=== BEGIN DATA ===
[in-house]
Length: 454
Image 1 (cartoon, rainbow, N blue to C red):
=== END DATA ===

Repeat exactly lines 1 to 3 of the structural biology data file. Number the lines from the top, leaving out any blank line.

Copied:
[in-house]
Length: 454
Image 1 (cartoon, rainbow, N blue to C red):